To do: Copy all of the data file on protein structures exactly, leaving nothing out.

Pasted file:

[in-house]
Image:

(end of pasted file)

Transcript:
[in-house]
Image: